An apple a day may keep obesity away, particularly if it is of the Granny Smith variety, according to a new study from Washington State University.
The research team, led by Giuliana Noratto of the School of Food Science at Washington State, publish their findings in the journal Food Chemistry.
Apples have many health benefits, according to previous research. Last year, Medical News Today reported on a study suggesting that eating an apple a day may be just as beneficial as daily statin use for preventing vascular mortality.
A 2011 study also claimed that apples and pears may reduce the risk of stroke by more than 50%.
But according to the team involved in this latest research, very few studies have looked at how the bioactive compounds in apples that are not absorbed during digestion – such as polyphenols (a type of antioxidant) and dietary fiber – affect the friendly gut bacteria that boost immunity and aid weight maintenance.
Furthermore, Noratto notes that few studies have looked at how the effects of these bioactive compounds vary by apple variety.
With this in mind, Noratto and her team analyzed how the bioactive compounds of seven different varieties of apples – Granny Smith, Braeburn, Fuji, Gala, Golden Delicious, McIntosh and Red Delicious – affected the good gut bacteria of diet-induced obese mice.
The researchers found that, compared with all other apple varieties, Granny Smiths appeared to have the most beneficial effect on good gut bacteria.
The balance of gut bacteria among obese people is usually impaired. But when comparing the feces of obese mice fed Granny Smiths with the feces of lean mice, the team found that the proportions of bacteria – specifically the presence of Firmicutes, Bacteroidetes, Enterococcus, Enterobacteriaceae, Escherichia coli and Bifidobacterium – were very similar.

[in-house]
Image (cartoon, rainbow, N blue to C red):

The researchers explain that Granny Smiths are high in non-digestible dietary fiber and polyphenols, and low in carbohydrates. Even after chewing and exposure to stomach acid and digestive enzymes, the compounds are unscathed when they reach the colon. The bacteria present in the colon then ferment the compounds, producing butyric acid that spurs on the growth of friendly gut bacteria.
Noratto says their findings may lead to strategies that prevent obesity and its associated disorders.
An imbalance of gut bacteria – determined by the food we eat – can cause chronic inflammation that leads to diabetes. But the researchers say that re-establishing the balance of gut bacteria through consumption of Granny Smith apples may reduce such inflammation, as well as promote satiety.
Commenting on the findings, Noratto says:
“We know that, in general, apples are a good source of these non-digestible compounds, but there are differences in varieties. Results from this study will help consumers to discriminate between apple varieties that can aid in the fight against obesity.”
Our Knowledge Center article on the health benefits of apples looks at some of the other ways the fruit can be good for us.